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21 Tyndall Furniture
Company (B)

Don Rutkowski (vice-president, manufacturing) was just finishing his presentation

of a proposal to invest in a new rough mill at the company’s component plant in
Grand Rapids, Michigan (see Exhibit 1). He concluded:

It is most important that we come to a decision in the near future. As the issues involved
have been discussed for some time now, the proposed investment is not something that’s
new to us all. However, in order to capitalize on the advantages that having a modernized
rough mill will provide, an important consideration is to phase its introduction in line
with marketing’s plans for a new product range linked to the High Point Furniture Fair
this time next year. Getting the timing right is often, as we all known, as important as the
investment itself.

Company Background
Established in 1898 by Henry H. Tyndall, the company remained a family-owned
business until 1963, when it was bought out by Berkron Industries Inc., a large
conglomerate with interests in textiles, chemicals, food, clothing, retailing and,
more recently, financial services. Although predominantly based in North America,
Berkron also has interests in Australasia and Europe.
Although in the past the company had been an above-average profit earner within
the furniture industry as a whole, in recent years its performance had declined (see
Exhibit 2), a fact that led to the appointment of Matt Culley as chief executive
officer two years before. As with most markets, the furniture industry was both
becoming increasingly more competitive and witnessing significant changes in both
products and market outlets (see Exhibit 3).

This case was prepared by Professors W. L. Berry (Ohio State University), T. J. Hill (University of Oxford), J. E. Klomp-
maker (University of North Carolina) and W. G. Morrissey (North Carolina State University) as a basis for class discussion
rather than to illustrate either effective or ineffective handling of a business situation. © Professor W. L. Berry, Professor J.
E. Klompmaker, Professor W. G. Morrissey or AMD Publishing (UK). Inquiries in the USA to Zip Publishing, 1634 N.
High Street, Columbus, Ohio 43201.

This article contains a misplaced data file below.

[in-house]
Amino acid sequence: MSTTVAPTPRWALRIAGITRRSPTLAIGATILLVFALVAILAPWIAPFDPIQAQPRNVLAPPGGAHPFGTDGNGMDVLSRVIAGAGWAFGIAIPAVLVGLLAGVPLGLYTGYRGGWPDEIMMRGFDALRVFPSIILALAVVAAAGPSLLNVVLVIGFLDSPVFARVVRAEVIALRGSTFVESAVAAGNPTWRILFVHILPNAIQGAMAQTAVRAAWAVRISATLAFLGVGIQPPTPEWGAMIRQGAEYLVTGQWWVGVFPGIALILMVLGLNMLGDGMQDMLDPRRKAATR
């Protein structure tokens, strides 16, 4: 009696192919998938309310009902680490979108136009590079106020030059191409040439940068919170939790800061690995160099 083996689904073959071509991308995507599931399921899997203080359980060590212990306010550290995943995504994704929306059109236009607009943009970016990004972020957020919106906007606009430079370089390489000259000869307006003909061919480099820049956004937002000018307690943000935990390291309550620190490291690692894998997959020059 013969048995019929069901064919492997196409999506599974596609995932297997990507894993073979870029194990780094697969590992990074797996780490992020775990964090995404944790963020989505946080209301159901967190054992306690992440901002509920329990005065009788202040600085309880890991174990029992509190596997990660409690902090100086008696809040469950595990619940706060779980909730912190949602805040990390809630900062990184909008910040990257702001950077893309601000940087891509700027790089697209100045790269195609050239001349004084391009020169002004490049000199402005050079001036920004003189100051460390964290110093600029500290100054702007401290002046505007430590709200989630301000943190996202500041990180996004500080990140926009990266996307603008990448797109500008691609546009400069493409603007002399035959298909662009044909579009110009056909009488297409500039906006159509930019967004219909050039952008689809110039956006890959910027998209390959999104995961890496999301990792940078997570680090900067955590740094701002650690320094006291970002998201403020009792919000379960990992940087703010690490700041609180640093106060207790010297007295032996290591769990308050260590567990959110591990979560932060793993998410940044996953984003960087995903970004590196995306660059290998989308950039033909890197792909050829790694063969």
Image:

T. Hill, Manufacturing Strategy

© Terry Hill 2000
540 M A N U FA C T U R I N G S T R AT E G Y : T E X T A N D C A S E S

Exhibit 1 Tyndall Furniture Company (B)

TO: Tyndall Furniture Company Board of Directors

FROM: Don Rutkowski, Vice President of Manufacturing
SUBJECT: Proposed Rough Mill for the Tyndall Components Plant
We propose to purchase an Oliver rough mill to replace the current manual cross-cutting
operation at the components plant. This mill would convert kiln-dried raw lumber into semi-
finished dimension stock1 for further processing in the fine mill, utilizing advanced
computer-controlled machining and material handling systems. The new equipment would
also include a Taylor edge-gluing system to increase the output of laminated dimension
stock components for the chair, table and miscellaneous case goods assembly plants.
The overall impact of this proposal would be to increase the rough mill capacity to 230 per
cent of the current capacity in terms of net board feet per day. All of this capacity increase
will be used to decrease our dependence on outside suppliers for edge-glued dimension
stock components. The purchase of edge-glued dimension stock components will decrease
from the current level of 85 per cent to 15 per cent of the total requirements for these items.
The overall production output of the other components produced by the components plant
will not be significantly affected by this proposal.
The new equipment will increase the capacity of the rough mill and provide important cost
savings in direct labour and material to enhance our competitive position in price-sensitive
markets. Specific benefits include:
■ Annual direct labour and dimension stock material savings of $1 million.
■ Material cost savings by purchasing lower-grade raw lumber.
■ Direct labour savings due to improved productivity (obtained by a 130 per cent increase
in output with only a 10 per cent increase in direct labour) and reduced set-up time
because families of parts can now be run on the moulding and tenoner machines.
■ Reduced manufacturing lead times from four months to six weeks due to manufacturing
instead of purchasing long lead-time dimension stock components.
■ Improved product quality in chair-seat glued joints and other panel stock.
■ Reduced work-in-progress inventory, finished component inventory, and component
part shortages because of a more even flow of dimension stock material through the
components plant. (Vendors currently tend to deliver material in large batches, which
produces an undesirable mix of products that does not fit well with the manufacturing
schedule, creating unnecessary levels of inventory.)
The investment cost of the new production process is $4.2 million. This includes the cost
of extending the components plant building, the rough mill and edge-glueing equipment,
the additional dry kiln capacity required, and the installation and training costs. If approved
at the board of directors meeting at the end of this week, this equipment could be installed
and in operation within a six-month period.

1. Dimension stock is wood components ready for fine mill operations.

Product Strategy
‘Part of our decline’, explained Greg Procter,

has been the failure in the past to offer an adequate product range. Understandably, our
customers have been demanding a fuller product line as a key feature in boosting overall
sales. Our principal furniture designs are Colonial and Early American, and within these
‘looks’ we use primarily oak and cherry woods.